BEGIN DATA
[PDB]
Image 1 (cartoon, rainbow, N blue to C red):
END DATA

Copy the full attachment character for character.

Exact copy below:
[PDB]
Image 1 (cartoon, rainbow, N blue to C red):